Washington Watch: Stimulus talks reaching conclusion

Photo: Matthew Dembicki/AACC

High-level negotiations between the Senate, House and Trump administration continue on massive stimulus legislation. The situation remains extremely fluid, with drafts flying between offices in an effort to nail down a pact. As of this writing, legislative language outlining a looming agreement is not available.

Walter Bumphus, president and CEO of the American Association of Community Colleges, sent a memorandum to AACC-member colleges on March 23, outlining the association’s priorities in the stimulus legislation. Many college leaders have taken the time at this pressure-laden moment to contact their legislators, for which the association is thankful.

Community colleges were cheered that modified stimulus legislation offered by House Democrats late Monday upped the amount provided through a State Fiscal Stabilization Fund to $50 billion from $30 billion from an earlier version of the bill. Public colleges and universities were thereby guaranteed almost $15 billion in support, with the possibility of more support coming at the governor’s discretion (40 percent of the overall fund). This funding was predicated on maintenance-of-effort requirements that could be challenging for states to meet in projected economic circumstances. A pot of money implicitly dedicated to private institutions via the Fund for the Improvement of Postsecondary Education (FIPSE) was funded at $8 billion.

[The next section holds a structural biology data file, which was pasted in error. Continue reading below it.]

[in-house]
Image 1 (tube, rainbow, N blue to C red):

AACC continues to hammer away on its CARES Act priorities. In the critical area of direct support to institutions (or via states), AACC is asking for robust overall support, a distributional formula that is tilted towards the number of financially needy students served, a minimum grant for all institutions, and exclusion of for-profit colleges from direct institutional support.  

AACC also hopes that the House’s increased funding for the Strengthening Community College Training Grants is incorporated. Increased institutional assistance for Title III-A and Minority Serving Institutions (MSIs) is also in the House bill. It is not clear at this moment how the individual ongoing programs will be treated in final legislation.

Other federal support will undoubtedly be needed in the coming weeks and months to shore up state funding of community colleges, and for institutions to engage in worker training and retraining to repair the economy and provide individuals with new opportunities.  

Once the stimulus legislation is finalized, AACC will provide members with detailed information on its impact on colleges and students.  

About the Author

David Baime
is senior vice president for government relations and policy analysis at the American Association of Community Colleges.